Landripet I and Štulhofer A. (2015), Is Pornography Use Associated with Sexual Difficulties and Dysfunctions among Younger Heterosexual Men?. The Journal of Sexual Medicine, 12: 1136–1139. doi:10.1111/jsm.12853.

Park BY, Wilson G, Berger J, Berger J, Christman M, Reina B, Bishop F, Klam WP, Doan AP. Is Internet Pornography Causing Sexual Dysfunctions? A Review with Clinical Reports. Lane SD, ed. Behavioral Sciences. 2016;6(3):17. doi:10.3390/bs6030017.

Image via geralt/Pixabay.

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In and Out of the Abyss: Depression After Brain Surgery

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Once again I was on the phone to my friend, sobbing. She’d put up with my tears every day since I left the hospital. Two or three daily meltdowns were the norm.

Many of my tears were over things that would have merely irritated me before: misplaced scissors, dirty socks in the middle of the living room, a brief computer glitch.

I have cavernous angiomas, tangles of malformed blood vessels, scattered throughout my brain. Two of them—one larger than a golf ball in my right parietal lobe, and the other, smaller, in my brain stem—had bled, and I underwent brain surgeries to remove them.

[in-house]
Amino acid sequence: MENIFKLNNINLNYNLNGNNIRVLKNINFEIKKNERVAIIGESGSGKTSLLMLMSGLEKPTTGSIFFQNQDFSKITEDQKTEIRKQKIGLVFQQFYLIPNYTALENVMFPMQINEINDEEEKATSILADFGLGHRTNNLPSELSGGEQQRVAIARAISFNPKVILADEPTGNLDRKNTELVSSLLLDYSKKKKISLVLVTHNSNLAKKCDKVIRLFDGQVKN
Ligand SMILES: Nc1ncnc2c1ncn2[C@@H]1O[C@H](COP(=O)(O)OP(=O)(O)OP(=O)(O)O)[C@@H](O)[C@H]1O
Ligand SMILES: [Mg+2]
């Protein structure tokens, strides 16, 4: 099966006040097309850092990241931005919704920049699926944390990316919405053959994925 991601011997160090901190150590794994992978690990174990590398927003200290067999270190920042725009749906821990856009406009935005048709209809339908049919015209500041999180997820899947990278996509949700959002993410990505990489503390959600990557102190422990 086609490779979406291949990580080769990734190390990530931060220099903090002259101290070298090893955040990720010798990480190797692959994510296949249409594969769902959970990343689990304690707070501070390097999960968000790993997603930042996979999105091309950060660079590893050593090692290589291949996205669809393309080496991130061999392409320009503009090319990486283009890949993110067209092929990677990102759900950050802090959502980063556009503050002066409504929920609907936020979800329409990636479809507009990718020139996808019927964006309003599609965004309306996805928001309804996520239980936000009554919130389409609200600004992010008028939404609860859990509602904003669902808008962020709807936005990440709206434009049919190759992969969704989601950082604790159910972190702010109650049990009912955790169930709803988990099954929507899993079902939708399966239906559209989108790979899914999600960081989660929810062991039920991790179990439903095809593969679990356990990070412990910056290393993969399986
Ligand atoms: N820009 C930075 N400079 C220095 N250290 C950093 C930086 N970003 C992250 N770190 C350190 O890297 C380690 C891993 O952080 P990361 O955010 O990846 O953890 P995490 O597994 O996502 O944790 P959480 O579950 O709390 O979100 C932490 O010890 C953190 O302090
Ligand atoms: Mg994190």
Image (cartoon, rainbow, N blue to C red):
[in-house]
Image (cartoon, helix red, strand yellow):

The bleeds and surgeries led to side effects including loss of balance, vertigo, nystagmus, trouble with sensory overload, and a number of cognitive deficits. My emotions also seemed volatile. I expected that my emotions would settle down as my brain healed. They didn’t.

After putting up with about a month’s worth of meltdowns, my friend spoke up. “I think you need meds.”

I was shocked. The possibility of psychiatric medication had not occurred to me. The people I knew who needed it had major issues: a cousin whose mother had died when she was ten years old, a friend who had been suicidal, a student with bipolar disorder. I wasn’t depressed. I just got really upset too easily. I was just fragile, and, given what I’d been through, that was understandable.